[Tweeters] Skagit Co Rusty BB & S Cranes & Stilt Sand

Marv Breece marvbreece at q.com
Tue Oct 4 13:17:34 PDT 2016

Yesterday was a good day on Fir Island.

The dark, early morning at Jensen Access brought a PEREGRINE FALCON zooming by at waist level at breakneck speed. A blink by me would have meant a miss. A bit later, SNOW GEESE flew over in numbers, heading out to feed. A few MINIMA CACKLING GEESE were mixed in. Didn't see any white-fronts yesterday. A few vocal LONG-BILLED DOWITCHERS flew by as did a GREATER YELLOWLEGS or 2. A NORTHERN HARRIER hunted the dike as I have seen so many times before.

In the afternoon at Jensen Access, I saw 30 to 40 BLACK-BELLIED PLOVERS working the beach. A single BARN SWALLOW flew by. (There were a few more Barn Swallows over Rawlins Road later.) An AMERICAN KESTREL hovered and kited above the field. As I was leaving the parking area, 3 SANDHILL CRANES flew over the dike and landed on the beach at the water's edge. Sandhill Cranes on saltwater. Not typical in my experience.

Morning at the Game Range (Wylie Slough)
A note here about language. When I began birding Fir Island whenever that was, I called this place Skagit Wildlife. Then I conformed to refer to it as the (Skagit) Game Range. I predict that in 5 years all or most will call it Wylie Slough. Seems to be moving in that direction. Just like Des Moines, WA near Sea Tac (the 2nd S is sounded) is slowly becoming Des Moines (no S sound at all). Who wants to look stupid. Right? Onward. An OSPREY remains. I heard a SORA a few times. Lots of VIRGINIA RAILS were vocalizing. A male PILEATED WOODPECKER was working a snag a few feet from the ground. At the other end of the slough a carpenter was hammering nails. Stereo! All of a sudden a WILSON'S SNIPE took flight. I could hear PURPLE FINCHES. A nice assortment of sparrows showed up. AMERICAN ROBINS were all over the Game Range. On the move. Behind the first blind at water's edge were 24 LONG-BILLED DOWITCHERS. And carefully tucked in among them was a STILT SANDPIPER, molting from juvenal plumage to basic.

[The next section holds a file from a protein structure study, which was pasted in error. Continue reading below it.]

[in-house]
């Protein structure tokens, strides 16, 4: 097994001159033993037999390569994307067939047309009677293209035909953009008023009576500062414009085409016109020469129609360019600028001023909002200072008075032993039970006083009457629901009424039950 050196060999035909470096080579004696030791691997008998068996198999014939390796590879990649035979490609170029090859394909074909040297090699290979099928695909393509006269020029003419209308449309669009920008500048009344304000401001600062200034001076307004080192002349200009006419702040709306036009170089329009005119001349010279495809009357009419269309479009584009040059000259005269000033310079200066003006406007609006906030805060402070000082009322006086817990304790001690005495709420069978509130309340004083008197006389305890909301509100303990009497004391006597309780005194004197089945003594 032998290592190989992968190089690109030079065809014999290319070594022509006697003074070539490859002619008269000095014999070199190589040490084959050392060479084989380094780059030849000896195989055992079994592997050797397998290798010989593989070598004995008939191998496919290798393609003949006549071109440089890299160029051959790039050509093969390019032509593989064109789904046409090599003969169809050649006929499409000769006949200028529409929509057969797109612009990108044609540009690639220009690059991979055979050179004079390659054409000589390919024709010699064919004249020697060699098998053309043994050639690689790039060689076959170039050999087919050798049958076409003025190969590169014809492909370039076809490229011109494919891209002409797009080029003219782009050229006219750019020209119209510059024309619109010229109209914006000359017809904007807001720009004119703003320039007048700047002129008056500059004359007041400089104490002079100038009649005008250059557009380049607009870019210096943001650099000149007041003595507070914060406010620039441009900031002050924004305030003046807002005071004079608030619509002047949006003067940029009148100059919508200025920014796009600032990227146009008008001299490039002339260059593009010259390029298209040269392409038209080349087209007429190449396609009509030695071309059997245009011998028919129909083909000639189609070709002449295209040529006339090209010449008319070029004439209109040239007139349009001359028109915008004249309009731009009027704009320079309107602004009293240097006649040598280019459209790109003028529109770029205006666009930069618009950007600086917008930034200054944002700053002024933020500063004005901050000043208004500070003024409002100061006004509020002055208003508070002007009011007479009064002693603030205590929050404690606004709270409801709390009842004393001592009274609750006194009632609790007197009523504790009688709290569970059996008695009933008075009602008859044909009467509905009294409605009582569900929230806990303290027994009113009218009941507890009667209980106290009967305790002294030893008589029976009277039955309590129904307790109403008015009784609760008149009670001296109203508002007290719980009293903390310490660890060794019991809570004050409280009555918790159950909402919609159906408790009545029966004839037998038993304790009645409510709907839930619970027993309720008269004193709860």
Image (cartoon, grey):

Afternoon at the Game Range was also productive. A young PEREGRINE FALCON appeared in a snag. Didn't stay long. There were a few CEDAR WAXWINGS feasting away. A beautiful adult SHARP-SHINNED HAWK flew in and perched for awhile. At the edge of the Game Range were a few WESTERN MEADOWLARKS and an AMERICAN PIPIT. PM pre high tide brought a lot more feeding shorebirds than in the AM. 50-60 GREATER YELLOWLEGS and even more LONG-BILLED DOWITCHERS. I looked carefully for a short-billed without seeing or hearing any. Doesn't mean there wasn't one there. There were 5 or so LESSER YELLOWLEGS and 3 PECTORAL SANDPIPERS. Funny how the pecs seem more likely to fly in and out as a mono species group. The dark Pacific MERLIN did not disappoint. All of a sudden, it was perched atop a tall conifer and as I was looking in another direction, it departed. Finally, just before dark, a large flock of mostly BREWER'S BLACKBIRDS flew in. I know of a yellow-headed that was seen in this group recently. And there has been an interesting leucistic bird which I reported earlier. This time, the prize in the Cracker Jack Box was a male RUSTY BLACKBIRD. Too late in the day for photos. Still, a fine ending to a fine day.

A few attempts at images of Stilt Sandpiper, Western Meadowlark & Sandhill Cranes may be by viewed at:

The cranes were too far away for photos or videos really, so here's what I call a "context video" of the cranes:

Good birding!

Marv Breece
Tukwila, WA
marvbreece at q.com

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